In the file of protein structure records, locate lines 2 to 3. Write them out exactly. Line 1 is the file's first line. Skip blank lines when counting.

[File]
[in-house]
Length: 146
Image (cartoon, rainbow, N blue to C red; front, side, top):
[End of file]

Length: 146
Image (cartoon, rainbow, N blue to C red; front, side, top):